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Hunter Biden is Guilty, But Who Cares?
Sean King

I admit, I wasn’t fussed about the whole Hunter Biden conviction. But I couldn’t understand why. I mean, they finally got a Democrat on something.

But Hunter Biden is such a dirtbag; gun charges don’t do him justice.

No, this isn’t the same as getting Al Capone on tax evasion. It’s more like getting Lex Luthor on a jaywalking charge.

Let’s not mince words. Hunter is a crackhead who shagged his dead brother’s wife. That may be immoral and unethical, but it’s not illegal. Ok, smoking crack is illegal, but being a crackhead isn’t. It’s a slight distinction, all the same.

Biden describes the affair in his unintentionally ironically titled book Beautiful Things:

I was at my lowest, she was at her neediest, and we clung to each other with abandon. We talked at length about how much we had come to rely on each other, how our health and well-being seemed dependent on the love we’d grown to share.

“It was an affair built on need, hope, frailty, and doom,” he adds.


But really, we needed to get Hunter on what he’s really done wrong: being a target for blackmail by foreign powers. How did he do that? By playing fast and loose with his “jobs” overseas.

For instance, Junior Biden’s involvement with Burisma has been a subject of much debate and speculation.

Hunter’s appointment to the board of Burisma in 2014, while his father was the Vice President of the United States and involved in U.S. policy on Ukraine, was an example of nepotism or an attempt to gain influence through family connections.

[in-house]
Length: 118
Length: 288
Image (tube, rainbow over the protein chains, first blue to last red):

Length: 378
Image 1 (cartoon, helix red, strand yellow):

That’s not illegal, but it opened Elder Biden to much criticism and potential blackmail. After all, why else hire the unqualified son of the US Vice President?

That’s why people have speculated Hunter’s involvement with the company was part of a broader pattern of corruption or influence-peddling.

To be fair, Junior Biden has denied any wrongdoing. He stated that he was qualified for the position based on his experience as an attorney and a board member of other organizations.

Alas, a conviction for a big-picture crime didn’t happen.

But to get to the heart of my apathy over Biden’s conviction, look at this X thread:

Credit: @Chesschick01


I think the world of Thomas Massie. He’s an MIT graduate who’s also a libertarian. By his voting, he demonstrates time and time again that he puts people’s freedom first.

But I disagree with him on this point. After all, why have laws if we don’t abide by them?

Biden’s Conviction

Let’s look at why Biden was convicted:

Hunter Biden was recently convicted on three federal felony charges related to a gun purchase in 2018. These charges include lying on a federal screening form, lying to a gun dealer, and illegal possession of a firearm as a drug user.

Inevitably, Biden and his defense team expressed disappointment with the verdict, indicating plans to appeal the decision. The special counsel, David Weiss, emphasized that the conviction underscores the principle that no one is above the law. We’ll talk about this point later.

Biden lied on a federal screening form when purchasing a gun in 2018, falsely stating that he wasn’t using illegal drugs at the time. This “misrepresentation” occurred despite his ongoing struggles with drug addiction, which he later acknowledged publicly in his memoir and other statements.